Jewel of the Golden Age
Walking around the squares and streets of Haarlem on the first morning of my visit, I felt I’d strolled into a scene from a painting from the Golden Age of Dutch art. Much seems to have remained from the times when Frans Hals and other Old Masters made the place their home. The Grote Markt looks resplendent in the soft, autumn light. Flanked by Gothic and Renaissance buildings, it’s the stately fulcrum of the town. Yet it is the narrow, meandering streets, lined with 17th century brick houses, that soon enthrall me. This is the tranquil townscape the Old Master captured, that Vermeer in nearby Delft left imprinted on our minds.
The city is compact, easy to get around and flat – it is the Netherlands after all – and is an easy twenty minutes by train Amsterdam and forty minutes by bus from Schiphol airport. Traffic is minimal but I have to remember to look out for the locals scooting along on their bikes. The Grote Markt quietly hums with activity and the cafes that also surround it are busy. Luckily, I arrive in time for a free organ recital in the Great Church of St Bavokerk, which looms up on one side of the square. This turns out to be a great way to see this 15th century church and experience its vast red and gold Muller organ. Reputedly one of the most stunning in the world, it was played by Mozart and Handel and the music booms out and washes over us in a stirring recital.
But one of the great attractions of Haarlem is its museums and galleries and I have several in my sights. The Frans Hals Museum I find only a five minute walk from the Grote Markt, (most things are) on a street lined with historic alms houses. Inside, the museum’s mellow wooden panelling provides the perfect backdrop to the world’s largest collection of the work of Hals, Haarlem’s most famous resident. The faces of the city’s great burghers stare out from the canvases and provide a great impression of how prosperous the city was in its heyday. It’s a joy to walk around and savour Hal’s prodigious talent and that of some of his colleagues whose work is also on show.
Not far away, overlooking a broad canal, lies the Teylers Museum, famed for the eclectic collection of its founder, Pieter Teyler can de Hulst, a wealthy 18th century businessman. Housed in a building which is an exotic delight in itself, its the oldest museum in the Netherlands and many of the collections are shown as they were in the 19th century. I browse through several rooms devoted to its awe-inspiring collection of fossils. Other lofty rooms contain its great collection of paintings and Old Master drawings, (most of the originals are kept out of the light but some are displayed in temporary exhibitions). Like the Frans Hals Museum, the Teylers has an airy cafe and enticing shop where I stop to relax.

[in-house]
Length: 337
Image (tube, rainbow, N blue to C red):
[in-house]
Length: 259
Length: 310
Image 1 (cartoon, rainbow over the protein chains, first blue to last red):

With just a short stroll up the canal from the Museum, I find a huge windmill and the old gate of the city. Lying on the River Spaarne and with plenty of canals, water is a calming feature of the town and it’s a joy to follow their meandering courses for a time. Old churches rise up here and there and their bells occasionally peal out over the roof tops. Streets often give off to leafy courtyards. It’s hard to believe that not so long ago, this town’s life became decidedly fraught. Near the Grote Markt, lies the Corrie ten Boom House and a guided tour of this modest family home, becomes a highlight of my visit. During World War II the home of this Christian family became a refuge for hundreds of Jews and Dutch resistance fighters hunted by the occupying Nazis. In Corrie’s bedroom I see the false wall behind which prisoners hid from the Gestapo. Eventually six family members were seized by the Nazis. Three perished but Corrie survived and spent the rest of her long life touring the world promoting peace. The house is kept much as it was in the 1930s and 40s and amid the old photos and furnishings, you get a palpable sense of those harrowing times.
But Haarlem is more than just history. Taking a break from its stunning museums, I wander around its shops. It’s not for nothing that Haarlem is known as the best shopping city in the Netherlands. The city if full of cosy boutiques that sell fashion and jewellery to suit all budgets and interior design and antique shops. Many streets too, especially Lange Veerstraat and Zijlstraat and the Botermarkt, are flanked with bars and restaurants, some famously ancient, and there’s all kind of fare on offer. I sample several and am given a warm welcome. They make for a good way to pause and soak up the atmosphere of what I’ve found is one of the Netherlands most beguiling cities.
Silver Travel Advisor recommends Kirker Holidays
Photos courtesy of Haarlem Convention Bureau